Become a Teacher in Michigan
Michigan Department of Educationhttp://www.michigan.gov/mde
608 W Allegan Lansing, MI 48933
Become a teacher in Michigan
Michigan Teacher Shortage areas
To earn your Michigan teaching credential you will have to complete the appropriate amount of undergraduate coursework and standardized tests, as well as an accredited certification program. Michigan offers a Provisional Education Certificate, valid for up to six years, and a Professional Education Certificate, renewable every five years. You must complete a total of 18 credit hours of coursework in “a planned course of study” beyond the Bachelor’s degree to move from a Provisional to a Professional certificate. Novice teachers must also go through an induction/mentoring program for their first three years. Learn more here about earning your Michigan Teaching Credential.
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All states require that prospective teachers have at least a Bachelor’s Degree and complete a state-approved teacher preparation program to receive certification. Some states also have specific course and credit-hour requirements.
Michigan does not list specific course or credit hour requirements, but every college or university teacher preparation program will have requirements of its own. Contact your teacher preparation program or the Department of Education for more information.
Michigan does require a total of 18 credit hours in “a planned course of study” to move from a Provisional to a Professional Certificate.Return to the top
Most states require tests to show competency in Basic Teaching Skills as well as in the desired Subject Area. Michigan uses the MTTC (Michigan Test for Teacher Certification)t. Depending on the level of certification you are seeking, there are three levels to the test: The MTTC Test of Basic Skills, the MTTC Elementary-Level certitication, and the MTTC Secondary-Level Certification, which requires a specific subject test depending on the subject you want to teach.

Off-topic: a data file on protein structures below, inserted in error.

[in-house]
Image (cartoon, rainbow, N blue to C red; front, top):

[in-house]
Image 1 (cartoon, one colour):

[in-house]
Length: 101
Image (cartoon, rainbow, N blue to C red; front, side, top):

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Teacher Certification Programs can be taken online or on-site. They typically include an educational theory and classroom skills seminar and a fieldwork component of student teaching in the area. A list of accredited teacher preparation programs in Michigan can be found here.Return to the top
The Michigan Alternate Routes to Certification (MARTC) is used to address regional teacher shortages, and allows teachers to complete a certification program while working as a teacher full time. For more information on Michigan certification, visit the Department of Education certification page.Michigan Troops to Teachers program Return to the top
Interstate reciprocity is a program that allows teachers certified in one state to teach in another state. To find out which other state teaching licenses can be used in Michigan, visit the Teach.com reciprocity page . Or, for more specific questions about your situation, contact the Michigan Department of Education.Return to the top
It is no longer enough to just have years of experience for teaching. After No Child Left Behind and other academic quantification measures, the careers of teachers increasingly depend on their results in the classroom. A Master’s in Teaching will give you more educational theory and classroom skills, as well as more hands-on student teaching experience with a mentor. After a Master’s program, you will be able to achieve better results in the classroom and have more job security and higher pay.